WHY YOU MIGHT LIKE IT: Spanning thousands of years, this wide-scale "weird space opera" epic promises adventure on strange new worlds.
Star Wars: Aftermath by Chuck Wendig
WHAT IT'S ABOUT: After striking a major blow against the evil galactic empire, the Rebel Alliance learns that the enemy is not down for the count. Wedge Antilles, a pilot of the Alliance, discovers several Imperial Star Destroyers converging for a summit on how to regain control. He is captured before he can report back, so it's up to rebel fighter Norra Wexley to rescue him.
WHY YOU MIGHT LIKE IT: Set decades after the events of The Return of the Jedi, this story is just the thing to hold you over until the theatrical release of Star Wars: The Force Awakens in the fall.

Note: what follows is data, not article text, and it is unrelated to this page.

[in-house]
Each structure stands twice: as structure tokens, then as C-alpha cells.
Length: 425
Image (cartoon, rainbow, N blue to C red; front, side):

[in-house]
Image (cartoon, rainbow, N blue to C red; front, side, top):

Updraft by Fran Wilde
WHAT IT'S ABOUT: Set in a sky city grown from living bone, where life on the ground is lost to legend and trade and communication requires flying between spires, a young woman is faced with exposing a deadly secret that endangers everyone she loves.
WHY YOU MIGHT LIKE IT: Based on Internet buzz from early readers, this is easily the most anticipated debut of the month.
For those smaller reading moments between novels, check out the following batch of new short fiction volumes:
o Fearie Tales edited by Stephen Jones
o In the Shadow of the Towers: Speculative Fiction in a Post-9/11 World edited by Douglas Lain
o Loosed Upon the World: The Saga Anthology of Climate Fiction edited by John Joseph Adams
o Stories for Chip: A Tribute to Samuel R. Delany edited by Nisi Shawl and Bill Campbell
o The End of the Story: The Collected Fantasies of Clark Ashton Smith, Vol. 1 by Clark Ashton Smith
o Zombie Apocalypse! Acapulcalypse Nowedited by Stephen Jones